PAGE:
Employers can determine when employees should take their leave, for example, during the Summer or Christmas shut downs.

An employer can determine their own annual leave year but traditionally many follow the calendar or financial year.

An employee will start to accrue their annual leave entitlement upon commencement of employment and should be paid their normal pay for each annual leave day. This can include elements of overtime and commission payments.

Employees cannot be paid for any accrued, but untaken annual leave, except upon termination of employment. If an employee has not taken all their annual leave during the leave year the employer may allow them to carry forward their leave to the next year.

Parents and Carers 

Maternity and Paternity

Subject to eligibility criteria most employees are entitled to maternity or paternity leave and pay. All employers have a duty to ensure that policies and procedures are compliant with legislative requirements.

The key points which all maternity policies should include are:

  • Eligible employees can take up to 52 weeks maternity leave.
  • Employees may be entitled to 39 weeks statutory maternity pay.
  • Employees may take advantage of up to 10 keep in touch days.

All employees can take up to 52 weeks maternity leave, which is 26 weeks Ordinary Maternity Leave and 26 weeks Additional Maternity Leave. In order to qualify for maternity pay, an employee should:

  • Have worked continuously for their employer for 26 weeks ending at the fifteenth week prior to the Expected Week of Childbirth.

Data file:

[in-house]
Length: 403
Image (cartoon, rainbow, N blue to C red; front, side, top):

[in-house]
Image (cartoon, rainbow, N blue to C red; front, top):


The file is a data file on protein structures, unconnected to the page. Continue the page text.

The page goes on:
• Employee’s average weekly earnings are not less than the lower earnings limit set by the Government.
  • Employee provides a MATB1 stating the Expected Week of Childbirth.
  • Employee gives at least 28 days’ notice of their intention to take maternity leave.
  • Employee is still pregnant 11 weeks before the Expected Week of Childbirth or have already given birth.

The key points which all paternity policies should include are:

  • Eligible employees can take up to 2 weeks paternity leave.
  • Employees may be entitled to statutory paternity pay.
  • Employees may take advantage of up to 10 keep in touch days.

All employees can take up to 2 weeks paternity leave, which is up to 2 weeks Ordinary Paternity Leave. In order to qualify for paternity pay, an employee should:

  • Have worked continuously for their employer for 26 weeks ending at the fifteenth week prior to the Expected Week of Childbirth.